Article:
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30 November 2018
Blockchain technology is becoming increasingly prominent in Chinese judicial proceedings and legislative developments are beginning to reflect this trend. However, the government's growing concerns about certain aspects of blockchain have triggered a number of recent regulatory responses. For example, in June 2018 the government learned of a vaccine scandal in which improper wording was allegedly uploaded to Ethereum (a type of blockchain). Amidst this backdrop, on 19 October 2018 China's internet watchdog, the Cyberspace Administration of China (CAC), released the draft Provisions on the Administration of Blockchain Information Services for public comment. The provisions comprise 23 articles, which are intended to govern all entities that provide blockchain-based information services in China and are the first step towards regulating blockchain-related technology at the government level. Based on the current draft, it seems that the CAC is not taking any radical steps forward, but rather is testing the waters. However, some of the issues addressed by the draft will carry important ramifications for the operations of various enterprises in China.
Article 2 of the Provisions on the Administration of Blockchain Information Services stipulates that the provisions apply to blockchain-based information services that are provided to the public in mainland China. The term 'blockchain-based information services' may give rise to confusion where narrowly misinterpreted as referring to IT services. However, the second paragraph of Article 2 further clarifies that 'blockchain-based information services' will be defined as services providing information to the public which are developed based on blockchain technology and presented in the form of a website or app.
The third paragraph of Article 2 further clarifies that:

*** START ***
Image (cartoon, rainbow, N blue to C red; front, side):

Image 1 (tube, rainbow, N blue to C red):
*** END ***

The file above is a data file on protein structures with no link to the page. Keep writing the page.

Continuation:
Thus, the draft provisions could be understood to regulate not only information service providers based in China, but also overseas blockchain technology providers which support China-based information service providers. This would mean that the draft provisions include extraterritorial elements to a certain extent.
The draft requires blockchain service providers to complete a blockchain information service registration form through the CAC's online system within 10 working days of providing the service. If a service provider changes or cancels its service items or website address, it must complete the change or cancellation procedure within five working days.
Service providers must perform annual verification procedures by logging in to the CAC's system at the time specified by the CAC and its provincial branches.
Pre-approval for special industries
When service providers provide information relating to, among other things, newspapers, publishing, education, healthcare, medicines and medical devices, they must obtain pre-approval from the relevant competent authorities before registering with the CAC.
Service providers cannot provide services to users that they cannot identify via the user's ID number or mobile phone number.
In the past two years, the Chinese authorities have successively put forward mandatory requirements for media, telecoms and social communication platforms regarding ID authentication of personal users. Service providers must also carry out such authentication under the regulatory measures.
Requirements for internal control of technology
As mentioned above, the CAC has adopted a cautious approach to the technology-related issues addressed by the draft provisions and has therefore proposed only basic principles to regulate service providers from a technological standpoint:
According to the draft Provisions on the Administration of Blockchain Information Services, violations of the provision will face a maximum fine of Rmb30,000, provided that a crime has not been committed. However, the possible penalty of being ordered to cease providing a service is expected to be more of a deterrent.
In general, the draft provisions symbolise the government's first step towards blockchain regulation and demonstrate China's positive attitude towards standardising and promoting the development of blockchain technology. The regulators may make further improvements to their policies in future in order to keep up with the development of the blockchain industry and technology.
Although the draft provisions do not address all issues relating to blockchain, they send a notable message to enterprises that operate in China or provide overseas technological support to Chinese companies. As such, companies should review or update their internal compliance programmes in order to address compliance risks stemming from the increased monitoring of relevant content and the CAC's regulations.
For further information on this topic please contact Stephanie Wu Yuanyuan, Ying Song or Philip Wei at AnJie Law Firm by telephone (+86 10 8567 5988) or email (firstname.lastname@example.org, email@example.com or firstname.lastname@example.org). The AnJie Law Firm website can be accessed at www.anjielaw.com.
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